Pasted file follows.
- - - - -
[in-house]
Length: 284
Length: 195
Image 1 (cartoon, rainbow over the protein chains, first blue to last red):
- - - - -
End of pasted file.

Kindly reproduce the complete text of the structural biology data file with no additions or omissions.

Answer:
[in-house]
Length: 284
Length: 195
Image 1 (cartoon, rainbow over the protein chains, first blue to last red):